Alice Te Punga Somerville (Te Ātiawa) is author of Once Were Pacific and senior lecturer at Victoria University of Wellington, where she teaches Māori, Pacific, and Indigenous writing in English.

“Alice Te Punga Somerville’s Once Were Pacific is the first major study of how Māori and Pacific people talk to each other in Aotearoa/New Zealand and Oceania. It is a splendid book, remarkably lucid, insightful, comprehensive, and accessible.”
—Albert Wendt, author of Leaves of the Banyan Tree

“Once Were Pacific will help us to push beyond orthodox understandings of complex and contemporary Indigenous identities and representational practices through rigorous scholarship that is Māori focused.”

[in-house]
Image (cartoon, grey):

—Chadwick Allen, Ohio State University


[i] Further information about these original journeys is plentiful. For example, see K.R. Howe, ed., Vaka Moana, Voyages of the Ancestors: The Discovery and Settlement of the Pacific (Aukland, New Zealand: David Bateman, 2006).

[ii] The paepae is the space from which orators speak.

[iii] Ngāti Kahungunu Iwi Inc., “Supporting Indigenous Rights through Takitimu Fest,” Scoop: Independent News, October 9, 2008, http://www.scoop.co.nz/stories/CU0810/S00114.htm


This post has been published in partnership with First Peoples.